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A commuter train engineer sent a cell phone text message 22 seconds before his commuter train crashed head-on into freight train in Southern California last month, killing 25 people, federal investigators said Wednesday.

Cell phone records of Robert Sanchez, who was among the dead, show he received a text message a minute and 20 seconds before the crash and sent one about a minute later, the National Transportation Safety Board said in a news release.

The finding led Federal Railroad Administrator Joseph H. Boardman to announce an emergency order prohibiting use of personal electronic devices by rail workers operating trains and in other key jobs. The order must be published in the Federal Register to take effect. Spokesman Rob Kulat said that would happen "soon." California regulators have already enacted a ban.

Investigators are looking into why Sanchez ran through a red signal before the Metrolink train collided with a Union Pacific train Sept. 12 on a curve in the San Fernando Valley community of Chatsworth. The time of the final text suggests it is unlikely he had become incapacitated for some reason.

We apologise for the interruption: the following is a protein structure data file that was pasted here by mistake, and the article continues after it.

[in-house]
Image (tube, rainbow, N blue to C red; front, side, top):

The records obtained from Sanchez's cell phone provider also show that he sent 24 text messages and received 21 over a two-hour period during his morning shift. During his afternoon shift, he received seven messages and sent five.

Sanchez sent his last text message at 4:22:01 p.m. According to the freight train's on-board recorder, the accident occurred at 4:22:23 p.m.

Metrolink board member Richard Katz said in an interview that the NTSB told his agency that another engineer on a Metrolink train has been suspended for sending a text message from his cell phone at about the same time as the Sept. 12 collision. That engineer was not identified.

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